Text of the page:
Agustín Muñoz-Grandes

Agustín Muñoz-Grandes

CEO, S21Sec
José Rosell

José Rosell

CEO, S2 Grupo
Even with the internet becoming an accepted part of our lives, cybersecurity is still a relatively new actor in today's cyber world. To help keep data safe, it will be imperative to create and harmonize already existing cybersecurity regulation regionally, nationally, and transnationally.

How has the company evolved since it was founded?
AGUSTÍN MUÑOZ-GRANDES S21Sec was one of the pioneers of the cybersecurity industry. At the time, cybersecurity was not even an industry, but fell under IT security. We were one of the first companies to develop our own technology, with over 60 engineers working on technological developments. It had an 80-90% market share in Spanish banking. We have always invested around 10% of our annual revenues on R&D to complement what we cannot find in the industry from third-party suppliers or manufacturers. We still keep a group of developers for high-quality cybersecurity services. That is part of our DNA: investing in innovation and building our own solutions when we do not find them in the market. Over the years, following Sonae Group's investment, we have also been involved in acquiring other companies to build up operations. For example, we acquired Nextel, a large system integrator of cybersecurity and IT security in Spain, which gave us a great deal of strength in the area of system integration.

JOSÉ ROSELL Both my partner and I are industrial engineers, outliers in the IT world. We are dedicated to making cybersecurity solutions both for the IT world and the operational technology (OT) world. When we started, Spain had a hard data protection law. That is the regulatory environment in which our company began. It was hard in the beginning, because there was no sector or real market for cybersecurity services. But we committed to investing in the development of our technology. We got a small project to develop surveillance technology. From then, we started R&D projects both in the Valencia area and nationally. We started working on R&D projects in Europe in 2010. Since then, we have had many programs to support R&D at the regional, national, and European level. This has allowed us to design our technology and develop our own tool kit, something that differentiated us from the beginning. We are not only a company in the computer and technology sector, but we are also a company in the industrial sector.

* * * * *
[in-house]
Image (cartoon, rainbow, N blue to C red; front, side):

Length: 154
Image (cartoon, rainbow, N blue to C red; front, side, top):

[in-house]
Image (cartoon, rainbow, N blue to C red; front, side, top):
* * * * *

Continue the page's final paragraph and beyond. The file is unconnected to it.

What needs to be done in terms of regulation?
AM-G This is one of the common ideas everyone mentions. There is a need for public-private collaboration. We are completely committed to our duty for national security and collaborate with all public institutions one way or another. However, thus far, public administrations have failed to make cybersecurity regulation coherent. There are a number of different public institutions dealing with cybersecurity in Spain, such as the National Center for Infrastructure Protection and Cybersecurity (CNPIC), the National Cybersecurity Institute (INCIBE) and the National Cryptologic Center (CCN), which is part of the international Coalition for Network Information (CNI). Furthermore, all the local administrations are building up the same types of cybersecurity bodies at regional levels. For example, the Basque region has the Basque Cyber Security Center. We work with many of them, though some level of coordination is needed to make their regulations effective.

JR There must be transnational regulation. A market that historically looks very much like the cybersecurity market is maritime safety. Why? The maritime business has been an international business since the beginning of time. The sector has developed the International Convention for the Safety of Life at Sea, also known as the Solas Convention. Practically all countries have signed and accepted this legislation. But there is nothing similar in the case of the internet. When you take a Spanish criminal code, you can apply the criminal code to those crimes that are committed in Spanish territory; however, if someone from any country is committing a criminal offense in Spain, there are no tools to fight against that. There are some agreements like the Council of Europe's Budapest Convention on Cybercrime, but they are insufficient.